Okay, I need to settle this argument, once and for all.
While sitting in the backyard, I noticed a spastic critter skittering across the wall and pointed it out to my guests. The first comment was “It’s a vinegaroon”.
I replied that it was a “sun spider”.
“No, it’s a vinegaroon”.
“No, it’s a sun spider”.
The reason I knew it was a sun spider was a few years earlier, we had found a strange, scary looking creature and sent it to the Smithsonian. They graciously sent a full-fledged report back on the specimen. The scientific name is “solpugid” and they are voracious predators. They are beneficial to home owners as they prey on cockroaches, bedbugs, and other pests. They are related to spiders and have been called camel spiders and wind scorpions. They are not poisonous, but according to the Smithsonian, have the strongest jaws in the world, proportional to their size. They are fascinating to watch as they hunt, catch and devour their prey. They have poor eyesight and rely on the hairs on their front “legs” that they hold out to sense vibrations of potential prey.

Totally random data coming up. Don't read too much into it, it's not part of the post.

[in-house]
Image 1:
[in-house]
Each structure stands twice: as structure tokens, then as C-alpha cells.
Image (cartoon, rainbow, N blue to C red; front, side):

Some of you may have seen the internet photo that circulated from overseas depicting what appears to be a gigantic mutated version of the sun spider. It was an optical illusion. The sun spider was actually two spiders hooked together and they were normal sizes, approximately five inches across, each.
They are called “camel spiders” due to the MYTH that they live inside camel’s stomachs and each their way out. Other myths are that they can run 25-30 mph and scream as they do so or that they have anesthetic venom that allows them to gnaw at their victim without the victim knowing and that they get to the size of a Frisbee. Those “camel spiders” are the same as we have here, but we have no camels (that I’ve seen).
Vinegaroons on the other hand are usually called whip scorpions, partially due to the tail (usually where a real scorpions sting/tail would be) being a hair-like projection. They are not poisonous, but spray a type of acid that smells like, you guessed it, vinegar. They prey on insects and are harmless to humans. I have yet to see a vinegaroon around the LV area.
Another name they have been called is “cave spider”
Evil looking to say the least, but have yet to hear of any encounters with humans other than the show “Fear Factor”, where the contestant had to eat several of the crunchy critters. You will see several photos where the owners of the creepy crawly are holding it in their hands.
Hmmm. Vinegaroon and oil salad dressing? All natural…no croutons needed. Got crunch?